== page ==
Trade Deficit Widens to $31 Billion

Wednesday, July 19th 2000, 12:00 am
By: News On 6

WASHINGTON (AP) — The U.S. trade deficit shot up to a record $31 billion in May as America's trade imbalance with oil-producing nations climbed to its second-highest point ever.

The Commerce Department reported Wednesday that the deficit widened by 1.8 percent in May. That compared to a $30.5 billion April imbalance, which was revised up from the government's previous estimate. May's deficit was bigger than many analysts expected.

Total imports of goods and services dipped by 0.3 percent in May to $116.8 billion. But exports fell more sharply by 1 percent to $85.7 billion, thus producing May's trade shortfall.

The U.S. deficit with oil-producing nations, including Saudi Arabia, jumped by 17.8 percent in May to $4.1 billion, second-highest on record. Imports from the Organization of Petroleum Exporting Countries rose to $5.4 billion in May, also the second-highest ever.

The quantity of crude oil imported into the United States in May, 297 million barrels, was the highest since August 1998 when 300 million barrels were imported. The price of crude oil dipped in May to $24.16 a barrel from $24.42 but is still far above the May 1999 level of $14.60 a barrel.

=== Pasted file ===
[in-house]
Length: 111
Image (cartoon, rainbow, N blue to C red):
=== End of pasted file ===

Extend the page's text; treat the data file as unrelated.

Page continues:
Production limits by oil-producing nations have pushed crude-oil prices up over the last year. But many analysts believe prices will ease in the coming months on the expectation that production will eventually be increased.

In the first five months of this year, the deficit was $147.7 billion, compared with $92.6 billion during the same period last year. For all of last year, the deficit soared to a record $265 billion.

The trade deficit is the one blot on an otherwise vibrant U.S. economy, now in its longest-ever streak of uninterrupted growth. That growth has pushed the nation's unemployment rate down to 4 percent, near a 30-year low.

The Clinton administration contends the deficit reflects the gap between American's remarkably strong economic performance and slower growth overseas.

But critics say the imbalance represents a failure of the administration's trade policies, which they believe have left American workers at the mercy of foreign nations with lower labor costs and lax environmental standards.

President Clinton is pushing Congress for approval of a landmark trade agreement with China. The administration argues the market-opening trade deal would mean billions of dollars in increased sales for American companies and farmers. The House approved the China legislation in May, but the Senate has yet to act. It would grant permanent normal trade relations with China, rather than continue the current system of having Congress vote on the issue once a year.

America's deficit with China rose 8.1 percent to $6.3 billion in May even as exports to China rose to $1.5 billion, the highest since October 1998.

The politically sensitive deficit with Japan narrowed by 5.4 percent in May to $6.9 billion.

The U.S. deficit with North America climbed to a record $6.4 billion in May. And, imports from so-called newly industrialized countries, including Hong Kong, Korea and Taiwan, rose to a record $9 billion.